Today’s interview is with writer Cathryn Grant. I discovered her through the very entertaining FLASH FICTION FOR THE COCKTAIL HOUR but she’s written many other books, all available online.
A few words about Cathryn: My first love is writing fiction, but during the day I work in high tech. Being around all those characters stirs my imagination to whisper what if, so even though I work more hours than I’d like, my job is probably a good thing. I play golf on public (meaning easy!) courses, and read fiction every free minute I can. Luckily my husband likes to read a lot too, and our cats like to watch us read. Seriously. They sit in the middle of the living room floor and stare at us all evening.
SARETT: You’ve written a good deal of flash fiction. What attracts you to the super-short form?
GRANT: I like the challenge of building characters, plot, and a satisfying ending in a thousand words. I like trimming all the extraneous information until I’ve captured a moment in time. I started writing flash fiction to play around, to write stories without thinking much about editing or planning. I like diving in and seeing where my the story goes.
SARETT: What do you think is the key to a successful flash mystery/horror story? Do you think it’s different from writing a, say, 3000 words story from a technical POV?
GRANT: The key is a fast start and a twist that’s well-foreshadowed. A really good twist can be hard to pull off, I sure don’t do it every time. But I’ve read lots of flash fiction with mild twists that are still satisfying. It’s different from longer stories because characters have to be defined in a sentence or two, and further revealed through just a few words of dialog and brief action. That’s also true of short stories, but there’s no room for any sidetracks in flash fiction.
SARETT: You’ve “branded” your fiction as “suburban noir. What’s the essence of suburban noir (and how did you come up with that great term?)
GRANT: The essence of Suburban Noir is that characters have more dark than light in their personalities. The stories also center around or lead to a crime. Not all my flash fiction has an overt crime, but I think crime includes crimes of omission or crimes of morality, even if those acts wouldn’t send the perpetrator to prison.
The idea of Suburban Noir was suggested to me at a mystery writer’s conference where the attendees were invited to read aloud the opening pages of our current novel. The staff quickly realized there was no dead body up front and no investigator in my book. In other words, my fiction couldn’t be categorized as “mystery”. During a brainstorming workshop on how to describe my work, the term “Suburban Noir” was tossed into the ring and it resonated with me. When I read up on the themes of Noir fiction I was sure it was a good fit.
SARETT: You’ve written full-length “Suburban Noir” novels as well as shorts. Are you more at home writing short fiction versus long or is it the other way around?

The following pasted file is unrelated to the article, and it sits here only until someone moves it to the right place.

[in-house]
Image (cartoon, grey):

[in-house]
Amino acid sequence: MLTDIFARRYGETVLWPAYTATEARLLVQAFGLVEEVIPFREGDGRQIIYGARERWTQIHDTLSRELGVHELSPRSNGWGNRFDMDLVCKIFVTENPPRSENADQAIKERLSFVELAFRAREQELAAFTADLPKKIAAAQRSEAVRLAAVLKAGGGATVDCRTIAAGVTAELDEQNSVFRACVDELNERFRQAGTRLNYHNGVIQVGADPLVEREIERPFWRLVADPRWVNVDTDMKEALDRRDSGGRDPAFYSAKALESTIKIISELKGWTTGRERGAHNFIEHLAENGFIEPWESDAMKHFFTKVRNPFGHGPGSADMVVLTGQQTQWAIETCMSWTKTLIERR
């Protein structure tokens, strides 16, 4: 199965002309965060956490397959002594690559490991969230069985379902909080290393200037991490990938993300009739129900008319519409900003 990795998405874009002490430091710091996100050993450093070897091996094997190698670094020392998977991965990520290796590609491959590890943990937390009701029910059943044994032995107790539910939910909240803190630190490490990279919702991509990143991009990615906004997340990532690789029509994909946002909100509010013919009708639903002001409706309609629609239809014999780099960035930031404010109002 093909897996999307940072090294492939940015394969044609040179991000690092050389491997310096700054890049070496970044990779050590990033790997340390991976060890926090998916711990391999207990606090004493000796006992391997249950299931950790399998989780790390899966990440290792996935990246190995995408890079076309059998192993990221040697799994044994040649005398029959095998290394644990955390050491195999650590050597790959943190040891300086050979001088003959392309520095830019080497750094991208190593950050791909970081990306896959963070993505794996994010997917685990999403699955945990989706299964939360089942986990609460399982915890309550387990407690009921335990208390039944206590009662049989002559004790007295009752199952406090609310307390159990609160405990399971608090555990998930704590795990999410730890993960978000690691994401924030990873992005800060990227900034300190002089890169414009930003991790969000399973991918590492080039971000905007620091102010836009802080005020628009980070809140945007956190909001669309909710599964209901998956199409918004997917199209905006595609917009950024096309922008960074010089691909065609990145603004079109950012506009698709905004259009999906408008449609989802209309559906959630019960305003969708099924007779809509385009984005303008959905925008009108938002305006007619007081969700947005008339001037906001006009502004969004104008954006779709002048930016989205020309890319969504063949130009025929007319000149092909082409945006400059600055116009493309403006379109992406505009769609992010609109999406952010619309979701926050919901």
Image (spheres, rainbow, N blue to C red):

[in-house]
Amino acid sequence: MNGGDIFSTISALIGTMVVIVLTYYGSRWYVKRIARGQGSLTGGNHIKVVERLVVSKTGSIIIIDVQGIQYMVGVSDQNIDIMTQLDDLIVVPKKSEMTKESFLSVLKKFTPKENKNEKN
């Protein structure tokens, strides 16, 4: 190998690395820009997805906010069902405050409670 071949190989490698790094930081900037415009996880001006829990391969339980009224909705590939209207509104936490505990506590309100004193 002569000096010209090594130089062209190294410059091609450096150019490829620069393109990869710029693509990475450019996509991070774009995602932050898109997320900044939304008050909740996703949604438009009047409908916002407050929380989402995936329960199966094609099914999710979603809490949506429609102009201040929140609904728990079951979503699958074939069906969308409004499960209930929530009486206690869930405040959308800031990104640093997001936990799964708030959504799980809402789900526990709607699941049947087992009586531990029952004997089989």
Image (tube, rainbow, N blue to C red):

GRANT: The shorter the form, the briefer the moment in time it captures. So to me, the only difference between flash fiction, a short story, a novella, or a novel is the length of time I spend peering into my characters’ lives, and the depth of personality that’s revealed.
SARETT: Some of your stories (e.g., Sitting With the Dead, Superior) blend dark humor with horror, which, I think, is a tricky balance. Do you worry about readers not “getting it”?
GRANT: I don’t worry about that for flash. I write it for fun, to play around. When readers respond, that’s great, but if they don’t, I’m okay because each one is an experiment. And I don’t do a lot of re-writing and polishing with my flash fiction. That’s why I make them free on my website, and as much as the online stores allow, the ebooks are also free.
SARETT: Many of the greatest writers have dabbled in ghost stories. We know that readers love ghosts -- but what is it about ghost stories that appeals to writers?
GRANT: Ghost stories appeal to me because some of the themes I’m interested in are the fear of death and spiritual beliefs – ghosts open the door to that world.
SARETT: Do you have a favorite among your books, or are they all favorite children?
GRANT: The book I’m writing is always my favorite! The current novel is titled Getting Ahead. It’s about a woman who desperately wants to climb the corporate ladder, but her reaction to a sinister man she meets on her morning run threatens to destroy everything she’s worked for.
SARETT: I’m always trying to discover new interesting short fiction writers. Do you have any suggestions for our readers?
GRANT: Laura Kasischke has recently released a short fiction collection – If A Stranger Approaches You. Four stories were chilling and well-written. Others were surreal, somewhat unnerving, and a few perplexing and very open ended. Every collection has some that I love.
Among older collections:
--Eleven by Patricia Highsmith
--Piranha to Scurfy by Ruth Rendell.
--Those writers are also among my favorite novelists, along with Joyce Carol Oates, Gillian Flynn, and Megan Abbott.
SARETT: Any new projects that you’d like readers to know about?
GRANT: I recently published The Hallelujah Horror Show about a suburban man who becomes obsessed with a woman from the Pentecostal church.
Thanks for the interview. I enjoyed our virtual conversation!
Cathryn’s websites can be found here: CathrynGrant.com You can follow her on facebook.com/CathrynGrant, twitter.com/cathryngrant and goodreads.com/CathrynGrant.Find more of her book here: